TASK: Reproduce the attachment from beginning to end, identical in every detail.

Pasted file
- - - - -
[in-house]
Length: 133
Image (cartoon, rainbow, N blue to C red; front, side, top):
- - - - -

[in-house]
Length: 133
Image (cartoon, rainbow, N blue to C red; front, side, top):